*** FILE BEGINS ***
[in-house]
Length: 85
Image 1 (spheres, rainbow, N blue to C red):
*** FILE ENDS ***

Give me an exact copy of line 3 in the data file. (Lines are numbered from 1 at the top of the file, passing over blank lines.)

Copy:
Image 1 (spheres, rainbow, N blue to C red):